San Andreas Fault
San Andreas Fault
The San Andreas Fault is one of the most powerful tectonic boundaries in the world. It is here where the North American and Pacific plates collide against each other, grinding in opposite directions for 750 miles. For over 28 million years it has been the source of many earthquakes on the North American West Coast, which continue into the modern day.
This specimen is a selection of material from Tejon Pass in California, where the boundary is exposed to the surface. It contains geologic material from both plates, set side by side to represent the fault itself.
The San Andreas Fault
On April 18th, 1906, at 5:12 AM, the city of San Francisco awoke to the terrifying power of the San Andreas Fault. A powerful earthquake tore through the city, causing the destruction of over 80% of San Francisco and the loss of over 3,000 lives. However, this was only one incident in the 28,000,000 year history of one of the most powerful tectonic forces on planet Earth.
The San Andreas Fault is the meeting place between the North American and Pacific tectonic plates. These two masses continuously grind on each other in opposite directions, slipping about an inch every year. Occasionally though, they can suddenly slip feet at a time, resulting in devastating earthquakes across the plate boundary.
This specimen is a pair of geologic samples from Tejon Pass in California, where the boundary is exposed to the surface. In this location, you can actually see the gray metamorphic rock from the ocean plate and the brown sedimentary rock from the land plate colliding with each other.
The material from either side of the boundary is encased in a resin sheet, with both pieces enclosed in a handsome, glass-topped riker box case measuring 4 1/2" x 3 1/2". A small information card is also included.
LARGEST RECORDED magnitude: 7.9
MORE ABOUT THE SAN ANDREAS FAULT & PLATE TECTONICS
📸 The rubble left behind by the 1906 quake. (San Francisco, 1906)
The San Francisco Quake
On the morning of April 18th, 1906, a powerful earthquake woke the city of San Francisco at precisely 5:12AM. Fires resulting from the quake destroyed 80% of the city, killing more than 3,000 people and leaving hundreds of thousands homeless. It was as violent an introduction as one could imagine to the presence of the 28 million year-old San Andreas Fault.
Known as a transform boundary, the edges of the San Andreas Fault slip past each other in a horizontal fashion. In the case of the 1906 earthquake, it took less than five seconds for the Pacific and North American plates to slip 20 feet past each other along a 296 mile rupture. The results were devastating.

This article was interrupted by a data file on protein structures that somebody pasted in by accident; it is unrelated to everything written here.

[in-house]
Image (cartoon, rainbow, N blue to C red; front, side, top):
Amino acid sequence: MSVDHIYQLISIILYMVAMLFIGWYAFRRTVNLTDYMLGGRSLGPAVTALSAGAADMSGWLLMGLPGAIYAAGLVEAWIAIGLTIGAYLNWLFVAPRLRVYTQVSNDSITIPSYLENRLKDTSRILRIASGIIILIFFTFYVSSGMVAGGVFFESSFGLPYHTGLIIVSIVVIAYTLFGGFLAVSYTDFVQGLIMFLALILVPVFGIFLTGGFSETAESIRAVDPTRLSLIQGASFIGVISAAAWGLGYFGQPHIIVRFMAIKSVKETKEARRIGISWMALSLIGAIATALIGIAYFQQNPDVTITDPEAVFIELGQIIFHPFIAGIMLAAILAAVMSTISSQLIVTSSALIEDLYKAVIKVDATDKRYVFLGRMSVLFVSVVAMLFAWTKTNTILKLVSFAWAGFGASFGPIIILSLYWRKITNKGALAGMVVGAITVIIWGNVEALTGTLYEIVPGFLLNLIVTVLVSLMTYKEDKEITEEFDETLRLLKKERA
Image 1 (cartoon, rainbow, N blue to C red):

Disconcerting as this may be, the 1906 quake is not the largest quake possible along the San Andreas or even the largest that's occurred in the past. All along the fault's 800 mile spine, we can see the history of two continental plates grinding past each other. To understand the destructive potential of this fault, it's helpful to take a look into the deep history of the forces that have helped shape the western quarter of North America.
📸 See how the motion of the Pacific and North American plates crash against each other (Source: USGS)
Nearly all of the land here was accumulated over the course of 200,000,000 million years as one ancient, oceanic plate known as the Farallon Plate slowly sank beneath the North American Continental Plate. Under the intense pressure, these terranes became sutured together and formed new land. When the central portion of the Farallon Plate finally slipped all the way under the North American Plate, the Pacific Plate came into contact with the North American Plate for the first time, forming the San Andreas Fault.
Even more troubling than the plate’s history is its near-future, with scientists long predicting that the San Andreas Fault is overdue for the “Big One”. Along the southern end of the fault, the two plates move northward and southward about an inch and a half each year, steadily building energy. Over the past three centuries, 27 feet of discrepancy have grown between them, ready to slip and release a devastating earthquake on Los Angeles and the surrounding region.
📸 The difference in color between the plates is clearly visible here at Tejon Pass (Source: David Lynch)
Over the past thirty million years, the fault has carried material hundreds of miles, depositing Mojave Desert granite up into Northern California and severing the Neenach Volcano field.
This specimen consists of pieces from both the Pacific and the North American Plate, recovered from the Tejon Pass in Southern California. Much of the San Andreas fault is covered by sediment and is inaccessible, but here the evidence of the fault is visible to the naked eye.
At Tejon pass, one can see the fault expressed in the contrasting colors of the rocks visible. The Pacific Plate has deposited gray igneous monzonite, while the North American has brought brown sedimentary sandstone. These two types of rock do not form together naturally, but instead have been brought together by the power of the fault.
Running between them is the fault gouge, rock that’s been directly exposed to the grinding of the fault, rendering it blackened and pulverized. Here at the roadside, you can literally see the power of our planet at work, scraping two plates together in a slow but never ending tectonic smash.
Front of the Specimen Card
Back of the Specimen Card
Dvorak J (John J. Earthquake Storms : the Fascinating History and Volatile Future of the San Andreas Fault. First Pegasus books cloth edition. Pegasus Books; 2014.
Jones, Lucile M., et al. "The Shakeout Scenario." US Geological Survey Open-File Report 1150 (2008): 308.
Lynch, David K. Field Guide to the San Andreas Fault. Thule Scientific, 2006.
Winchester, Simon. A Crack in the Edge of the World: the Great American Earthquake of 1906. Penguin UK, 2006.
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